Part 1 of a Serial


Nicole Helget

Polar Bear snoops around the kitchen, his nose probing the linoleum and our fingertips for potato chips or butter. He sweeps his tail with robust follow-through. Pacify my desperate doggy need for attention. The children run away from him. “He smells like a fart,” says Youngest. When Polar Bear gets really frantic for love, he jumps up and puts his paws on the kid’s chest or shoulders. Comparatively, that’d be like a horse rearing up on you. 

Polar Bear has spent the morning outside in the frozen field, scrounging around the manure. He has found clumps of digested hay, a big bone, and a turtle shell. His breath reeks. 



By January, snow caps the yard. I stand outside and watch Polar Bear and Pony, our older dog, get silly with the three kids in the white stuff. Off in the distance, a tractor revs to life. From the west, here it comes, pulling a manure spreader. I call the dogs and shoo them into the house. The kids follow, shed their wet boots, mittens, and coats. 

The farmer pulls into the field drive, roars the PTO to life.

Inside the kitchen, Polar Bear finds the farmer’s activity and the smell of manure irresistible. 

“Mom,” says Youngest. The boy nods toward the dog. “Polar Bear has his tongue on the window again.” This child has just recently been the recipient of my yearly lecture on how we don’t lick things in winter unless we want to lose our tongues. 

I drop the potato I was skinning. With my paring-knife hand, I point at Polar Bear, who stares out the window. “For God’s sake,” I say. “Knock that off.”

He smears his tongue on the glass and glares at the high-tailed cats that roam the winter landscape freely. 

Polar Bear barks in a bass range that rattles the pots and pans. “Let. Me Ou—ouutt!” he woofs.

“Chill out, you maniac!” Son says. 

“Polar Bear! Seriously!” says Daughter. 

Polar Bear only understands four sounds: his name, “sit,” clapping, and the rustling of a chip bag. Hearing his name, he nudges his huge head between her arm and side, soliciting a hug and a pet. She gives the puppy one stroke.

Pony, our older Lab, watches her son with the flatness of a Puritan mother. She lies down on the rug cluttered with sopping mittens and boots and rests her head on her crossed paws. Polar Bear bops over, bites her leg to rouse her to look out the window, too. Pony flips her tail once and sighs, which means Polar Bear is supposed to get lost. Polar Bear gives up, taps back toward the window, wagging his tail like a designated hitter, smacking Son in the belly. 

“Geez, Polar Bear,” he says. 

Youngest, ever a solutions guy, opens the front door. Before I can finish saying “Don’t let the dogs out!“ Polar Bear bursts to liberty, bronco-bucking through the snow. Cats arch their backs and freeze briefly at the sight of him before scattering to the shelter of the nearest outbuilding. But Polar Bear isn’t interested in chasing them. He beams to the field, where the manure teases like a hot lunch. 

“Close the door!” Son says to Youngest. “Smells like crap out there.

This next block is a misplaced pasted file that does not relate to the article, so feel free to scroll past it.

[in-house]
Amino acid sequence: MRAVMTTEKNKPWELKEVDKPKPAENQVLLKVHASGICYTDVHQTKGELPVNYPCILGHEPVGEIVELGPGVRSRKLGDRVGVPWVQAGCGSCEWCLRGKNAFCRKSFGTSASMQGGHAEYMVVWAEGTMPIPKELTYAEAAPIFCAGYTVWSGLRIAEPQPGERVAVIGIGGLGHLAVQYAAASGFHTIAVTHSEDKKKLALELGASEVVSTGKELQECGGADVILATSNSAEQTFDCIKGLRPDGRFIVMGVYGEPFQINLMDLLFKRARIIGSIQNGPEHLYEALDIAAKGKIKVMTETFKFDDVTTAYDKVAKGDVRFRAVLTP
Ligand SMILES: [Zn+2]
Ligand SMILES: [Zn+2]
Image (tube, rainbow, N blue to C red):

Youngest slams the door. “Phew.”


Years ago, a Lab named Dover smelled Pony’s fertile condition wafting across the gravel roads. The kids and I got out of the car after school one day and found him sidled up next to Pony on the porch. 

Dover had a mug like an old baseball mitt. As we approached the house, we said, “Hello there, Crabby Face.” Dover had on two collars and the remnants of two leashes hanging from his neck. Was one of them was metal?

Youngest opened the kitchen door to let us all in. Pony got up to come in, too, but Dover blocked her. 

“Oh, cute,” we said. “He’s in love with her.”

Dover’s mood deteriorated quickly. 

The next day, when we returned, Pony ran up to the driver’s side to welcome us. When I opened the car door, Dover pinched his head in and snapped at me. I slammed the door shut. 

I locked the car. “Don’t open your door,” I said to the kids. 

The kids were busy getting unconnected from their devices and locating fallen sheets of homework.

“What?” said Daughter.

“Do NOT open the car doors.” I said. 

“He looks really mad, Mom,” Son said.

Youngest pressed his face to the glass of the back door. Dover jumped up and barked at him. He got back down and positioned himself outside my door like a bouncer. Dover had one of those barks that makes you have to go to the bathroom. Pony demurred.

“God, look at him,” I said. 

“I have to go to the bathroom,” Youngest said. 

I clicked the car back on, turned up NPR. “You have to wait,” I said. “Dover wants to eat us.”

Daughter gazed at our sweet dog. “Poor Pony.”

I waggled my fingers at her. “Hi, Sweetie.” Pony’s eyes looked funny, darker, witchy. I dropped my hand. 

The muscles of Dover’s forelegs quivered. We made eye contact. He barked again.

“Mo-om,” said Youngest.

I pressed “call” on my phone to my husband who was in town.

He answered. 

“Can you come home?” I asked. “Dover won’t let us out of the car.”

To be continued...


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